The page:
Practical Aspects of Brine Extraction as a Storage Management Tool

Monday, February 19, 2018 - 11:00am to 12:00pm
Event Location: 
Leighton Conference Room (room 101), Natural Resources Building

Dr. Roland T. Okwen, Illinois State Geological Survey, Prairie Research Institute, University of Illinois Urbana-Champaign


Abstract

Brine extraction can be used in developing and deploying commercial-scale carbon dioxide (CO2) storage to manage reservoir pressure and control CO2 plume in storage units, thus reducing the risks associated with reservoir pressure buildup and CO2 migration outside the injection zone. Major technical challenges of using brine extraction to manage storage include locating the extraction well and determining the efficacy of brine extraction. This study addresses these challenges and investigates the practical aspects of brine extraction for effective pressure and plume management by designing a brine exaction pilot at the Decatur CO2 storage site using numerical simulations. The simulated scenario at this site is a pre-existing, one-million tonne CO2 plume, a planned three-year CO2 injection via second, nearby injection well, and brine extraction planed for the second year of CO2 injection. A series of cases were simulated to determine the optimal extraction well type, well location, extraction rate (or injection-to-extraction ratio), and perforation interval. Differential pressure, CO2 storage efficiency, and the CO2 plume extent were used as metrics to evaluate brine extraction performance. Simulation results suggest that the pressure variations induced by brine extraction were of sufficient magnitude to be observed in multilevel monitoring well for all simulated brine extraction rates. With an injection-to-extraction ratio of 1:1 (volumetric balance), the optimal location for a vertical extraction well was (1) 0.5 mi (0.8 km) away from the injector, (2) in a direction perpendicular to high hydraulic connectivity direction, and (3) on the down-dip side, with perforation(s) within the injection zone. Alternatively, a horizontal well placed directly above the existing CO2 plume decreased the risk of drilling into the existing and new plume and reduce uncertainty in the geology. Compared to a vertical extraction well, a horizontal extraction well could manage pressure and CO2 plume at a lower extraction rate and had less impact on the lateral movement of the CO2 plume, which could result in higher CO2 storage efficiency and maintain the CO2 plume within an area of review. To minimize brine extraction and yet have a noticeable effect on reservoir pressure and movement of the CO2 plume, this study recommends injection-to-extraction ratios of 2:1 for a vertical well and 4:1 for a horizontal well, which correspond to extraction rates of 10,000 and 5,000 bbl/day (1,590 and 795 m3/day), respectively, when injecting 1 million tonnes of CO2 per annum (1.1 million tons of CO2 per annum). These findings demonstrate the practical approach to design a brine extraction research pilots that could lead to commercial storage applications requiring brine extraction to manage CO2 storage.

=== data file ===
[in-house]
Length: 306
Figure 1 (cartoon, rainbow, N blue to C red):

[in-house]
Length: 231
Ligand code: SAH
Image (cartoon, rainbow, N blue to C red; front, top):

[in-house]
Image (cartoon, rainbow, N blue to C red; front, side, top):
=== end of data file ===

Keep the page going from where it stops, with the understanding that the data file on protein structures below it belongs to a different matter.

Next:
Download Flyer: http://isgs.illinois.edu/sites/isgs/files/seminar/ISGS_SeminarFlyer_20180219.pdf

 

About the speaker

Dr. Okwen is a reservoir engineer at the Illinois State Geological Survey (ISGS), University of Illinois at Urbana-Champaign. As a member of ISGS, he has contributed to the Midwest Geological Sequestration Consortium’s Phase II pilot studies in the Illinois Basin. In addition to this project, he is assisting in the development of performance curves to act as screening tools for CO2 EOR floods. Previously, Dr. Okwen was a Postdoctoral Research Associate at Schlumberger Cambridge Research Center in the United Kingdom. He earned his PhD in Civil Engineering from the University of South Florida (2009), MS in Petroleum Engineering from Technical University of Denmark (2005), and BS in Chemistry from the University of Buea (1997). His research interests are in geological sequestration of carbon dioxide, enhanced oil recovery, reservoir geomechanics and data analytics.